The idea of the chastity belt was popularized during the Crusades when men would leave their wives to fight in wars.
The idea and portrayal of chastity belts has been seen in everything from medieval texts to movies like Robin Hood: Men In Tights. But, what’s myth and fact when it comes to these genital torture devices?
Chastity Belts are metal devices that lock around a person’s genital area, preventing sexual intercourse and masturbation, with a small hole to allow waste excretion. These devices are thought to date back Medieval times when men would lock up their wives or daughters to ensure their virginity and fidelity.
They are thought to be most commonly used during the Crusades when men would leave their wives to fight in wars. While they were gone, their wives would be outfitted with a chastity belt to prevent temptation and preserve their faithfulness until their husbands returned with the key.
References to chastity belts have been found in texts dating from as early as the first century, but according to Albrecht Classen, a Medieval historian, the existence of these items may be little more than a myth.
The earliest descriptions of chastity belts are mostly found in religious texts, and, upon closer reading, seem to be simply metaphors for living a chaste life. There are few clues that indicate the texts mean to imply that women should literally wear a metal belt to prevent sex.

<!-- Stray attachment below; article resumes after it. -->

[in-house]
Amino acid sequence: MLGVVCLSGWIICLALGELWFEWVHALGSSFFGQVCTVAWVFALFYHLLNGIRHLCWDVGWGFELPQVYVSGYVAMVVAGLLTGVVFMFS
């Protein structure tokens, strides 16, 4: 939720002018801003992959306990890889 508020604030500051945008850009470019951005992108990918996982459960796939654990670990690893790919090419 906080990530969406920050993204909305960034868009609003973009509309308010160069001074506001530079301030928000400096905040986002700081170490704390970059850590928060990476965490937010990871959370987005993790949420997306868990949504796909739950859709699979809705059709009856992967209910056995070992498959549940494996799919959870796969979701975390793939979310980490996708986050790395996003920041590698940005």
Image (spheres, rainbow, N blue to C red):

The first drawing of a belt was depicted in a book called Bellifortis, written in 1405 by a German military engineer named Konrad Kyeser. However, historians have noted that Kyeser’s writing was often comical, and the book included several jokes and references to things that were not meant to be taken literally. With this in mind, it’s possible that the drawing of the belt was another one of his wisecracks placed throughout the book.
It wasn’t until the sixteenth century that references and depictions of chastity belts became commonplace. Even then, the references don’t show the actual usage of the belts. Instead, they seem to be comical references to the specific male fear that their wives would cheat on them with other, younger men. While this may have been a common worry, there is little proof that men actually forced their wives to lock up their bodies to assuage their fears.
However, there is no denying that chastity belts were made at some point since there are many of them on display across the world. But the chastity belts we see in museums may be forgeries, or, at the very least, created much later than tradition says.
Rather than being implemented in the middle ages, they were more likely created in the late eighteenth or nineteenth century. According to Classon, these devices were most likely created as jokes, never intended to be taken seriously and never actually used.
While chastity and fidelity have been widely valued virtues throughout history, women’s bodies were most likely not kept under lock and key at any point in time. While the belief that women should remain chaste is not a myth, the idea that chastity belts were employed to physically lock them up probably is.